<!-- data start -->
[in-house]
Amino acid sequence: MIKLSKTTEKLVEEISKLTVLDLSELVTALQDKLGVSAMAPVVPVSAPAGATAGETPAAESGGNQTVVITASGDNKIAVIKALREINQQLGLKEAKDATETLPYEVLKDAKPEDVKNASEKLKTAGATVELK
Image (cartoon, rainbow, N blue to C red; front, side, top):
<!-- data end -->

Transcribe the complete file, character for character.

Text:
[in-house]
Amino acid sequence: MIKLSKTTEKLVEEISKLTVLDLSELVTALQDKLGVSAMAPVVPVSAPAGATAGETPAAESGGNQTVVITASGDNKIAVIKALREINQQLGLKEAKDATETLPYEVLKDAKPEDVKNASEKLKTAGATVELK
Image (cartoon, rainbow, N blue to C red; front, side, top):